Darth Gluten’s Troops


Foods represented: Wheat (gluten), Dairy products, Sesame, Corn, Potatoes, and Avocados

One of the hardest things to deal with when suffering from gluten intolerance or Celiacs isn’t living without wheat.  Why? A study cited by a popular advocate for a grain-free approach and others indicates that going gluten free isn’t enough. I suspect that by the time most patients are diagnosed, their bodies are in extreme chronic inflammatory mode and their intestines are as permanent as the US borders.

To date, current medicine does not understand the process by which acute inflammation (a process which aids in wound repair)  switches to a chronic and detrimental state. I’ve read studies which give tantalizing clues, but we are still piecing together the puzzle. As a result, the only current medicinal approach to inhibiting chronic inflammation involves suppressing our immune systems.  It doesn’t take a science or medical degree to figure out that isn’t a great approach, especially for long-term therapy.

It took about four months of a gluten-free diet for me to figure out that while I felt a little better, I still felt ill. Fast forward a few more months and without dairy I felt better. After several close encounters of the potato kind, I banished them from my diet. Since I could eat daal made from chickpeas, but hummus made me ill, sesame joined Darth Gluten’s troops.

Avocados are listed as agitators because it isn’t a gluten-like reaction. Rather, aspirin, also known as acetyl salicylic acid exacerbates the inflammation already present in my intestines. Avacados happen to have a large amount of salicylates,  chemicals very similar in structure to aspirin.

I’ve suspected corn for awhile as corn pasta does not sit particularly well and tortilla chips make me ill. I bought a gluten free cereal and have eaten it for breakfast all this week.

Ingredient (1) Corn flour

Unlike with wheat or dairy, the symptoms are not immediate, but rather build in intensity over several days. Yay? Corn starch seems sufficiently well processed not to bother me too much, but as I can’t see my intestines, I can’t say that with certainty. What’s it doing on the molecular level? I’m afraid to find out. As a medicinal chemist researcher, I know one well established fact: chronic inflammation increases the risk of cancer and autoimmune diseases.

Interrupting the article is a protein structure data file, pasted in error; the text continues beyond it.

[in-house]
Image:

Yet, the average doctor knows very little about Celiacs or gluten intolerance. I met a woman last week who nearly died because her doctors diagnosed her with everything from acid reflux and IBS to stress. The true diagnosis was diverticulitis combined with a raging case of Celiacs. The gastroenterologist I went to see told me to eat more fiber. I bought a high fiber cereal, which contained every gluten grain known to mankind, and by day two I felt like an alien was trying to claw its way out of my innards.

There are tests available to test serum or stool antibodies to find all the minions recruited by gluten, but a lot of good that does when neither the doctors nor the insurance companies understand the severity of gluten intolerance. If you can afford them, you might consider doing the tests, but the best thing I can recommend to gluten intolerant or Celiac sufferers is to remain cognizant of EVERYTHING you eat. If you have to keep a food journal, do so, as observation is free and probably just as accurate.

For people who fear that eating such a restrictive diet must be boring, here’s a recipe for my own version of  chicken tikka masala, with a few changes:

  1. 2 onions chopped and sauteed in olive oil (~3tbsp…enough to keep onions and spices from sticking)
  2. 2 tbs minced garlic
  3. 1 tsp minced or grated fresh ginger
  4. Spices: 1 cinnamon stick, 3 whole green cardamom pods, ground peppercorns to taste, 1 bay leaf, 1 tsp cumin seeds (add to onions while sauteing)
  5. Add 1 small can of tomato paste
  6. Add 1.5-2 lbs of boneless, skinless chicken thighs cut into 1in pieces
  7. Add 2 c of water and a tsp of GF chicken bouillon
  8. Add 1 tbs coriander, 1 tsp curry powder, dash of paprika and cayenne powder, and salt to taste
  9. Simmer for ~15 min or until chicken is nearly done. If desired, add 1c frozen peas and simmer for 5 more minutes.
  10. Add ~3-4 tbs “Better than cream cheese” (soy based vegan ‘cream cheese’) Add slowly over low heat and stir well to melt it. Add water if needed to adjust to desired consistency (should be a nice gravy).
  11. Serve over rice.

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2 responses to “Darth Gluten’s Troops

  1. Pingback: Diagnosis Ick! | Author: H.C. Playa

  2. Pingback: A Series of Unfortunate Genes | Author: H.C. Playa

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